Defending the Fed’s Independence

I’m not usually one to sign public petitions, but I made an exception today for a key issue: defending the independence of the Federal Reserve.

Like many other economists (here’s the list of signatories, with a day’s lag), I am troubled by the anti-Fed rhetoric emanating from some parts of the Congress. The Fed has taken a remarkable series of actions that deserve close congressional oversight. But that oversight should not endanger the Fed’s fundamental independence in executing monetary policy.

The petition therefore makes three important points about Fed independence:

First, central bank independence has been shown to be essential for controlling inflation. Sooner or later, the Fed will have to scale back its current unprecedented monetary accommodation. When the Federal Reserve judges it time to begin tightening monetary conditions, it must be allowed to do so without interference.

Second, lender of last resort decisions should not be politicized.

Finally, calls to alter the structure or personnel selection of the Federal Reserve System easily could backfire by raising inflation expectations and borrowing costs and dimming prospects for recovery. The democratic legitimacy of the Federal Reserve System is well established by its legal mandate and by the existing appointments process. Frequent communication with the public and testimony before Congress ensure Fed accountability.

Over at the WSJ, David Wessel has a nice piece on the petition.

5 thoughts on “Defending the Fed’s Independence”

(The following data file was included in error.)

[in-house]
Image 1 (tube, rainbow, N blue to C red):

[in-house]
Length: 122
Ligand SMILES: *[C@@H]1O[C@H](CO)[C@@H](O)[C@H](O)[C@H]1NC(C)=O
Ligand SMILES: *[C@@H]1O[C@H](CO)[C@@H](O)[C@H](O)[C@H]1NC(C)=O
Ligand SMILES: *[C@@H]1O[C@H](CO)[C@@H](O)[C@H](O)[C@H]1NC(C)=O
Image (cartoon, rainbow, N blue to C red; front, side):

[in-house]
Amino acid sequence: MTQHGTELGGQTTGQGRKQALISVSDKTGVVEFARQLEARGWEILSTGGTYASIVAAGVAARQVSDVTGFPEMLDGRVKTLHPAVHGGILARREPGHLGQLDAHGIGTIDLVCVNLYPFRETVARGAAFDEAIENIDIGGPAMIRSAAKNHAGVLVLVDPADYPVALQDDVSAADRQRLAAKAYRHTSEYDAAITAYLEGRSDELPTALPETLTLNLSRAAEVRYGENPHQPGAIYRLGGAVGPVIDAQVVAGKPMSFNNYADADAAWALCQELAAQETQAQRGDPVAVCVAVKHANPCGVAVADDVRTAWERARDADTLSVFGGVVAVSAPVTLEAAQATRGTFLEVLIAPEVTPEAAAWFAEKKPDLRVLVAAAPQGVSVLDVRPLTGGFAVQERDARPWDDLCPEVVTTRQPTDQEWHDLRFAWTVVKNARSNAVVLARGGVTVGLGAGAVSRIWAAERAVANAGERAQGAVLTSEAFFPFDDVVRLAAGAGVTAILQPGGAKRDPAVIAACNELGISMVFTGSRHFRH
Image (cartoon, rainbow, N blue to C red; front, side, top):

1. That we have an entity as powerful as the Federal Reserve headed by people who don’t stand for election strikes many components of “We the People” as a trifle weird.

    1. It certainly raises the burden on the Administration to choose good people and the Congress to vet them carefully before confirming. Somewhat parallel to the Supreme Court.

  2. Is the petition for the Ron Paul Bill asking the Fed. to open up there books for an Audit? If so then I have to disagree with you. I don’t know all the specifics of the bill but any provision requiring the the Fed. to increase transparency and have their books audited sounds good to me. That in the history of the Fed. the books have never been looked at or audited by an outside body seems strange and troubling to me. As well as a failure of congress to properly exercise it’s oversight responsibilies. (Imagine that!!!)

    1. The petition is about a much broader concern — some folks in Congress have raised other ideas that would reduce the Fed’s independence from elected officials. That may seem weird in our system, but history shows that central banking only works when you install good people, give them good incentives, and shield them from politics.

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